NEW YORK (Reuters) - New York's Broadway will dim its lights on Wednesday to mark the death of the last of the famed Ziegfeld showgirls, performers renowned for their lavish costumes and elaborate stage routines.
Doris Eaton Travis died at age 106 on Tuesday in Michigan of undisclosed causes just two weeks after she last appeared on stage in New York, according to a statement on the website of Broadway public relations firm Boneau/Bryan-Brown.
She was one of the performers who rose to fame in the Ziegfeld Follies, a series of elaborate theater productions on Broadway that began in 1907 and remained popular until 1931. The show was inspired by the Folies Bergeres of Paris.
Many top entertainers of that era such as comedians W.C. Fields and Will Rogers appeared in the shows that were famous for their chorus girls in lavish costumes and feathered headdresses who became known as the Ziegfeld girls.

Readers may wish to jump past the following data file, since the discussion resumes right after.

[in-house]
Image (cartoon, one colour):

Travis joined the Ziegfeld Follies as the youngest ever showgirl in 1918 at the age of about 14, following in the footsteps of her sister Pearl. Four Eatons were in the Ziegfeld Follies over the years.
She performed with the Ziegfeld girls until 1920 then went on to star in various stage productions and silent films in the 1920s and 1930s before becoming a dance instructor after the Great Depression took its toll on Broadway. In her retirement she began a horse ranch in Oklahoma with her husband.
She returned to the spotlight in 1997 after she and four former Ziegfield girls reunited for the reopening of the New Amsterdam Theatre in New York, joking that she was the only one still able to dance.